Court of Appeal of Louisiana, Fifth CircuitMay 21, 1993
613 So. 2d 710 (La. Ct. App. 1993)

Cases citing this case

How cited

  • State v. Hill

    …1, as amended, or reflect a factual basis for the imposition of sentence. In State v. Sabathe, 613 So.2d 710…

  • State v. Sabathe

    …Defendant was sentenced on July 17, 1992, to five years at hard labor, the first two years to be served…

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No. 92-KA-793.

January 26, 1993. Writ Granted May 21, 1993.


John M. Mamoulides, Dist. Atty., W.J. LeBlanc, Dorothy A. Pendergast, Asst. Dist. Atty., Gretna, for plaintiff-appellee.

Bruce G. Whittaker, Staff Appellate Counsel, Indigent Defender Bd., Gretna, for defendant-appellant.


Joseph Sabathe was convicted by a jury of violation of LSA-R.S. 14:98D, driving while intoxicated, third offense.

On July 17, 1992, following consideration of a presentence investigative report, the trial judge sentenced appellant to five years at hard labor, the first two of which are to be served without benefit of parole, with credit for time served. The sentence also contained a condition that he submit to in-house substance abuse while incarcerated and continue treatment if paroled.

On appeal, Sabathe contends that his sentence was excessive. He also asks this Court to search for errors patent. For the following reasons, we affirm appellant's conviction and sentence.

Sabathe was arrested on November 28, 1991. The two police officers who found appellant at the wheel of his truck in the Esplanade Mall in Kenner testified that in their many years of police work they had never seen anyone as drunk as Sabathe trying to drive a vehicle. Proof of DWI was overwhelming.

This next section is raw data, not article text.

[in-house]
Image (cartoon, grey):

At the sentencing hearing, Sabathe admitted that he was an alcoholic but not a criminal. The trial judge said:

". . . you've chosen to continue (drinking). In the past, your behavior, really hasn't changed in the fact that you've chosen to drink and become intoxicated and drive and endanger the lives of others. After seeing you on the videotape during the trial you are lucky and the public is lucky that you didn't kill somebody.

". . . I think it's unfortunate that you don't think you're a criminal. But what you've done is a criminal act. You've been convicted. So whatever labels you want to use to define your behavior, that's entirely up to you. You've admitted that you're an alcoholic. That's a good step towards recovery. You need to recover, sir. You cannot continue in this behavior. If you do, you're probably going to spend the rest of your life in jail, because you'll keep coming back through the system. I appreciate your comments, and the Court will take that into consideration.

"I've read the pre-sentence investigation report. I've taken into consideration the guidelines of 894.1, your social history, your criminal record, and I'm ready to sentence you."

The sentence imposed fits appellant's criminal behavior. We cannot say it is excessive and in violation of the Louisiana Constitution of 1974, Article I, Section 20.

The record contains only one minor error. The minutes indicate, inadvertently, that Sabathe pled guilty when in fact he was found guilty after a trial in the 24th Judicial District Court.